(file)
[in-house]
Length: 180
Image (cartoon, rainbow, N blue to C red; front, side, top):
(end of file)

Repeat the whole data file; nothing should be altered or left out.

[in-house]
Length: 180
Image (cartoon, rainbow, N blue to C red; front, side, top):